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Icons of Progress

The Social Security System

  • H. J. MacDonald 

    H. J. MacDonald was the head salesman on the Social Security account—a deal he worked on for two years before it was awarded to IBM. MacDonald also functioned as liaison between Social Security officials, Thomas Watson Sr. and IBM engineers, successfully marshalling the development of IBM’s influential 077 Collator.

  • Thomas J. Watson Sr. 

    Thomas J. Watson Sr.
    Leadership foresight to retain staff for “the world’s largest bookkeeping job.”

    During the Great Depression, while businesses across the US were shedding jobs, Watson made the bold move not to cut one employee. Instead, the lines would run at full capacity, even if no one was buying the accounting machines, and the excess inventory would be stockpiled in warehouses. In doing so, Watson positioned IBM as the only company capable of responding to the US government’s vast need for accounting, tabulating and sorting machines.

  • Fred Carroll 

    Born in 1869, Fred Carroll joined IBM—then the Computing-Tabulating-Recording Company—in June 1916. When he retired 40 years later, he left a record of outstanding technical achievements. Fred Carroll played a significant role in automating “the world’s largest bookkeeping job.” The special machine he designed for the Social Security Administration was an ingenious combination of pneumatic, mechanical and, for the first time in IBM history, photoelectric sensing apparatus. Carroll was not an electronics engineer, but he had the foresight to recognize the potential of electronically controlled devices at an early date. Fred Carroll received his first patent in 1896—the first of 97 patents he would receive. By the end of his life in 1961, he had rightfully earned a reputation as one of IBM’s most prolific inventors.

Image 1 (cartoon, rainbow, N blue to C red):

• Frances Perkins 

    Frances Perkins
    “I came to Washington to work for God, FDR, and the millions of forgotten, plain common workingmen.”

    Frances Perkins was born on April 10, 1882, in Boston, Massachusetts. She graduated from Mount Holyoke College in 1902, and Columbia University in 1910 with a master’s degree in sociology. In 1933, Franklin Roosevelt appointed Ms. Perkins as his Secretary of Labor, a position she held for 12 years, making her the first woman to hold a cabinet position in the United States. As Secretary of Labor she played a key role in writing New Deal legislation, including minimum wage laws. However, her most important contribution came in 1934 as chairwoman of the President’s Committee on Economic Security. She was involved in all aspects of the reports and hearings that ultimately resulted in the Social Security Act of 1935. Following her government service career, Perkins continued to be active as a teacher and lecturer until her death on May 14, 1965. Bio republished from the Social Security Administration History website.

  • Arthur J. Altmeyer 

    Arthur J. Altmeyer

    Arthur Altmeyer was born in DePere, Wisconsin, attending the University of Wisconsin where he received his bachelor’s, master’s, doctor of philosophy and honorary doctor of laws degrees. He was a high school teacher and principal before serving as an economist and statistician in Wisconsin. In 1934, he was named chairman of the Technical Board appointed by President Franklin D. Roosevelt’s Committee on Economic Security, which drafted the original Social Security legislation. Next, he became a member and then chairman of the Social Security Board, a position he held until 1946, when he became the Social Security Administration’s first commissioner. In 1953, Altmeyer retired from Federal service and returned to Wisconsin to lecture, write, and serve as advisor to various labor groups and pension organizations.